The Plains Indians provide an exemplary model of the proper relationship between the warrior and society.
To the Plains Indians the buffalo was a totem, a spirit, a god. It was the source of food, clothing, shelter, tools and weapons, personal, sacred and religious items — all that sustains life. Living in close proximity, in the same demanding environment and dependent on it for survival, the Plains people studied the buffalo’s behavior, qualities and social organization. As the people’s model for living well, the buffalo gave all and the people worshipped, studied, emulated — and ate.
The people observed that the buffalo were brave, strong and stubborn. They never gave up but always plowed forward into difficult weather or dangerous conditions. Against hunters and the elements they showed courage, endurance and determination and would sacrifice themselves to protect their herd.
The people also observed how buffalo cared for each other and protected their young and vulnerable against threats and predators. During the buffalo hunt, the herd would push its calves into the center. The cows ran forming a protective ring around them. Then bulls ringed the cows, older bulls ringing the younger bulls as well to keep them moving forward rather than turning against their aggressors. Old bulls, like old warriors, declared through action, “I am expendable. Save the young ones. I offer myself first.”
When a buffalo was injured, its herd did not stampede away but gathered around their injured member to try to help and protect it. Buffalo lived not for themselves but for each other.
The structure of society and the warrior’s character traits and place in the community were modeled on this buffalo behavior. When danger threatened his people, the warrior’s proper place was in a protective outer circle around the village. As long as he was able, the older or more experienced the warrior, the farther out he strove to be. Young warriors and bulls had to be restrained and trained until they were experienced and mature enough to not waste lives but provide leadership.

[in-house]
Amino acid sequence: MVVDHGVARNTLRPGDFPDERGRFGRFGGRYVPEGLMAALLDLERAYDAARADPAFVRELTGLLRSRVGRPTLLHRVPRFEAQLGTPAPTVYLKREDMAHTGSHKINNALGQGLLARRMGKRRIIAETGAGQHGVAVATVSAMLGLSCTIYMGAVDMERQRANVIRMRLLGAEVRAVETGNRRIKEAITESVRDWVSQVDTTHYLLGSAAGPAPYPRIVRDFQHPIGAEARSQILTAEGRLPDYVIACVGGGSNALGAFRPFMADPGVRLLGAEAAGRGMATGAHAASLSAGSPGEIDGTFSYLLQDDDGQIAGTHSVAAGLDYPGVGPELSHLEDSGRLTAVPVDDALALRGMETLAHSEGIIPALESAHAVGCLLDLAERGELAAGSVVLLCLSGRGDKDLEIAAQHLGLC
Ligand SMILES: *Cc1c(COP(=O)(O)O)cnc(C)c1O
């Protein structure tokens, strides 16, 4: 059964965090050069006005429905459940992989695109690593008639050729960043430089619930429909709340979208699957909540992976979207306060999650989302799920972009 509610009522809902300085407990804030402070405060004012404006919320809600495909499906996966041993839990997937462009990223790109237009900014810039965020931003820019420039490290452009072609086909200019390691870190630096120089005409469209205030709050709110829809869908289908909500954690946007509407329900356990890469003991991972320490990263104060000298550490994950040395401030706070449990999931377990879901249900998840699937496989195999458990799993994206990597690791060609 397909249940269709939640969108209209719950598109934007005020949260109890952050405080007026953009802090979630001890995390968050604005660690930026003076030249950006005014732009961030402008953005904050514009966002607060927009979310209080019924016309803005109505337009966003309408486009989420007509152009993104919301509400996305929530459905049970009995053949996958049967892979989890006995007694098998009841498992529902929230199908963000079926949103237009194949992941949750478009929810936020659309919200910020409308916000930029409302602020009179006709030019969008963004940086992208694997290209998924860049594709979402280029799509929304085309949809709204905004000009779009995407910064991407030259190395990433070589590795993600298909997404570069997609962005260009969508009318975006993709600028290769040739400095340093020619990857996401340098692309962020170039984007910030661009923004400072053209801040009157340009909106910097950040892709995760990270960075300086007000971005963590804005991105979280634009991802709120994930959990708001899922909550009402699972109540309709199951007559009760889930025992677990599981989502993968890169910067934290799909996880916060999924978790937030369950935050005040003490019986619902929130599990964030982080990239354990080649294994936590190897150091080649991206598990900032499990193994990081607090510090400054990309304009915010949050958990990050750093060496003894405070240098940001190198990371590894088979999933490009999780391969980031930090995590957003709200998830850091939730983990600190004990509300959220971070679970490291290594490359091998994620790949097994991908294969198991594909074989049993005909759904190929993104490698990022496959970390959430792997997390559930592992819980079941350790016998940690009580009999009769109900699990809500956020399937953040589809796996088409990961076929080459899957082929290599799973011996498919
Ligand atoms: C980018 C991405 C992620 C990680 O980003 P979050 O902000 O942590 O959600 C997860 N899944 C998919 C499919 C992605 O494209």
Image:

Inside the circle the civilians had been protected and sometimes owed the warriors their lives. Now the civilians gave thanks, honor and duty through tending their returning warriors. They became a circle of welcome. They witnessed their stories, grieved or celebrated with them, attended to their necessary purification and healing rituals. In mainstream society the survivor becoming a misunderstood outcast; in indigenous healing “the man of the dreary edge becomes the center.”[i] As among the buffalo, when a member of the tribe was injured or fallen, the rest of the tribe would surround him offering aid and protection. After battle the concentric circles reversed; the civilians on the outside tended their warriors within. In this way both circles were renewed, the camp’s interdependent social organization remained intact, warriors were restored and civilians gave back, everyone was cared for.
Indigenous peoples recognized and practiced this unspoken yet inherent social contract: when the people are threatened, the proper relationship of warrior to civilians is in the protective outer ring of concentric circles. When danger passes and warriors return, the circles reverse. The citizenry’s task is to receive, support, tend and initiate the warrior in gratitude and honor for the sacrifices made and protection rendered. In a healthy social order, warriors and societies exist in concentric and interchangeable circles of protection.
Just as ethical warriorhood necessitates moral service, warrior return necessitates tending by a grateful and supportive society that recognizes and utilizes the transformations warriors have undergone in life-affirming ways. Without this reciprocal social contract, warriors experience betrayal and abandonment and civilians remain isolated, frightened, ignorant and in moral and spiritual debt.
[i] Earl Shorris, The Death of the Great Spirit, New York: Signet, 1972, 45.